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Stack-on gun safes?

Discussion in 'Shooting Gear and Storage' started by lonewolf5347, Jun 18, 2009.

  1. lonewolf5347

    lonewolf5347 Member

    Jul 13, 2005
  2. fineredmist

    fineredmist Active Member

    May 3, 2006
    Wethersfield, Ct.
    I don't have first hand experience with this safe but I do own two. Ask yourself what the purpose is, security (and how much), fire protection (and how much) will you be moving this safe in the near future? Do a comparison with others regarding weight, wall thickness, insulation etc and then make a call. The price is reasonable but will it fill your requirements?
  3. mallc

    mallc Active Member

    Apr 28, 2007
    FFL in Muscatine, Iowa 52761
    I have one.

    I bought for $399 on sale from my local farm store. It's well built and adequate for the purpose. It's not the quality of my Liberty; but then it cost a LOT less.

    It's was a very tough move with my solid tire refrigerator cart. Balloon tire, tilt back would make the job much easier.

  4. rondog

    rondog Mentor

    Jun 29, 2007
    I have a slightly smaller Stack-On, it's OK. Keep in mind most "gun safes" are really no more than "residential security containers". A TRUE safe, that's fire resistant and break-in resistant enough to actually do some good, will cost many thousands of dollars and weigh a ton.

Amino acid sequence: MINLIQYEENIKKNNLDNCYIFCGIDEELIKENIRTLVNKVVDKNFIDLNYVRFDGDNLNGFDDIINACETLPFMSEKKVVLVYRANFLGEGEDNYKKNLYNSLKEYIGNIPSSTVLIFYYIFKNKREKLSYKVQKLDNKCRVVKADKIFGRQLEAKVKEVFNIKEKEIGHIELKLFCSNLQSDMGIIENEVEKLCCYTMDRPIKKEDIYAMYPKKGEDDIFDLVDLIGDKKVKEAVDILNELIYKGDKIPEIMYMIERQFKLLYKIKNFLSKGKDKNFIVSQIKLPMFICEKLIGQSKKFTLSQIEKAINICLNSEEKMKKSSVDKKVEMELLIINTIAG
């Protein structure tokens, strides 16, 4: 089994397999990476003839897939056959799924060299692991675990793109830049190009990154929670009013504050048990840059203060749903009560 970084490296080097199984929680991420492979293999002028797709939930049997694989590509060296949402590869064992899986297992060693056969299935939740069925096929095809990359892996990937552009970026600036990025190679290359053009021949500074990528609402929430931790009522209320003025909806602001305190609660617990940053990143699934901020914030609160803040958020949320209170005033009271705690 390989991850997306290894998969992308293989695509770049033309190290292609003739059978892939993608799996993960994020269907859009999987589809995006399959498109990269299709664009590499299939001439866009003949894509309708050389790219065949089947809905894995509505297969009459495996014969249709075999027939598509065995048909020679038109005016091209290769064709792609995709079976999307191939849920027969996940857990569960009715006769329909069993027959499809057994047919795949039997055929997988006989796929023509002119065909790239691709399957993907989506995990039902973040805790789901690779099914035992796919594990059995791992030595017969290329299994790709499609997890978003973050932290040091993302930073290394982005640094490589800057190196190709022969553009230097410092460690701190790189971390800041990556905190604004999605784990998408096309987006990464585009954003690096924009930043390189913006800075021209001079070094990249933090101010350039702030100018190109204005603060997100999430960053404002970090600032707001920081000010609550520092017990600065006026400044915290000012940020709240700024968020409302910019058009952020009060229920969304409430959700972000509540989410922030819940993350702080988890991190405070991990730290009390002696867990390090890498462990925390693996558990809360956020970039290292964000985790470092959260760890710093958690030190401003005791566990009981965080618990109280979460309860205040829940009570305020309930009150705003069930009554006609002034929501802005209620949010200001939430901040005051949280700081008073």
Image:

If it's big enough for your needs and it's what you can afford, go for it! People can, and do, argue endlessly about "gun safes", but the bottom line is you need to protect your goodies and very few of us can afford $10,000 for a "real" safe. Just be sure to put it in a dry location, where it would be very difficult for a thief to get to, and bolt it down securely.

    I've heard of thieves tying onto safes and pulling them right out through the wall of a house, how you gonna protect against that? You can only do what you can do. ANY safe is better than NO safe, IMO.
  5. rl2669

    rl2669 New Member

    Aug 5, 2004
    From prior conversations on gun safes, I think someone made the point that just about any gunsafe rated RSC (e.g. less than $10k to purchase) can be opened in 1 minute or less with a sawzall.

    The conclusion being (in my mind) that if your budget says you need to stop at the RSC level of security, choose the lowest priced option that meets your size requirements. Protection from fires has nothing to do with the RSC rating, and it may be legitimate to spend more for a fire rated RSC than a non-fire rated model.

    There are a couple of very knowledgeable people on this forum, perhaps one of them will add to this thread.
  6. ScareyH22A

    ScareyH22A Member

    Feb 25, 2009
    Just remember to bolt it to the studs in your walls at a minimum and place it in the corner of the room or closet so that the door opens away from the wall. It makes it difficult to get leverage with a pry bar if a wall's in the way.

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